BlackBerry-Style iPhone Keyboard Sales Banned by Court
A U.S. District Court judge for the Northern District of California has issued a preliminary injunction against the Typo keyboard. The peripheral is a BlackBerry-style keyboard attachment for iPhone devices.
According to a New York Times report the judge overseeing the case believes that BlackBerry’s copyright claims against the Typo product are likely to hold up in court. The injunction bans sales, importation, and marketing of the Typo keyboard in the U.S. until the legal matter is resolved.
According to a statement sent out this weekend from BlackBerry the company is “flattered” by the concept of the Typo but “will not tolerate the deliberate use of our iconic design without proper permission.”
BlackBerry first filed its lawsuit against Typo back in January, calling the device “blatant copying and infringement” of its intellectual property rights. The injunction request was filed later in January, just as the Typo was set to ship to its first pre-order customers.
“From the beginning, BlackBerry has always focused on offering an exceptional typing experience that combines a great design with ergonomic excellence,” said Steve Zipperstein, chief legal officer at BlackBerry at the time the lawsuit was filed. “We are flattered by the desire to graft our keyboard onto other smartphones, but we will not tolerate such activity without fair compensation for using our intellectual property and our technological innovations.”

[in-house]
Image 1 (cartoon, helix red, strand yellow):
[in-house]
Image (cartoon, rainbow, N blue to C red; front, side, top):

The company behind the Typo keyboard was founded by Show Media CEO Laurence Hallier and Radio/TV personality Ryan Seacrest. According to the company’s founders, the idea behind the keyboard came as Hallier and Seacrest saw that each carried a touchscreen smartphone for apps and a smartphone device with a physical keyboard for quicker messaging and email capabilities. The company’s mission statement involves providing a “high-quality physical keyboard” for iPhone users who use their mobile devices for correspondence.
According to the Times report Typo this weekend issued a statement on the court’s decision stating that it is “disappointed” with the decision and that the company has plans to appeal.